Hapag-Lloyd converting one LNG-ready containership, and fitting scrubbers to two

The LNG-ready Barzan joined Hapag-Lloyd's fleet in the merger with UASC The LNG-ready Barzan joined Hapag-Lloyd's fleet in the merger with UASC

Hapag-Lloyd is to convert one of the LNG-ready containerships it acquired in the UASC merger, and fit scrubbers on two vessels as it analyses options apart from low sulphur fuel for complying with the IMO's 2020 sulphur cap.

Joining many other container lines in announcing a fuel recovery charge for the additional expense of using compliant fuel to meet the demands of the 0.5% low sulphur cap for marine fuel from 1 January 2020 Hapag-Lloyd is also taking its first step in potentially using LNG as a marine fuel.

“Furthermore, Hapag-Lloyd is thoroughly analysing other technological options for the reduction of emissions that might be able to cover a small share of a fleet. This is why trials with a LNG conversion of one ship as well as Exhaust Gas Cleaning Systems (EGCS) on two others will be conducted in the year 2019,” the company said in a statement.

FREE DOWNLOAD - 2020 Sulphur Cap: Is the industry ready for the long-run?

Hapag-Lloyd acquired a total of 17 LNG-ready containerships when it merged with UASC. The 15,000 teu and 18,800 teu vessels delivered between 2014 and 2016 were seen at the time as acting as a catalyst for the use of LNG as marine fuel, with the Middle East based line exploring LNG fueling options with Qatar and Shell.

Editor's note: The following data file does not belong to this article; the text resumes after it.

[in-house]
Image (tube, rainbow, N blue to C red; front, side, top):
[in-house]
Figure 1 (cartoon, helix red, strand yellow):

Read more: UASC positions for the future with delivery of 15,000 teu LNG-ready boxship

However, with the takeover of by Hapag-Lloyd there had been, until now, no movement on converting any of the 17 vessels to run on LNG. In the meantime CMA CGM has become the standard bearer for LNG as a marine fuel in the container sector ordering nine 22,000 teu LNG-powered newbuildings.

With just one LNG-powered vessel and two fitted with scrubbers Hapag-Lloyd is set to primarily comply with the sulphur cap for its fleet of 226 containerships through the use of low sulphur fuels.

Posted 08 October 2018

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Marcus Hand

Editor, Seatrade Maritime News

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